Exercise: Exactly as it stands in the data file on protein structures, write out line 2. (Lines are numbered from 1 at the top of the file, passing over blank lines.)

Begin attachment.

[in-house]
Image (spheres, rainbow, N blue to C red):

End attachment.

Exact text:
Image (spheres, rainbow, N blue to C red):